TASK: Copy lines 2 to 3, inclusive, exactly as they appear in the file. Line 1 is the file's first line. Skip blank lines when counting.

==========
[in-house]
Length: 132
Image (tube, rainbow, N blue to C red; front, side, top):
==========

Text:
Length: 132
Image (tube, rainbow, N blue to C red; front, side, top):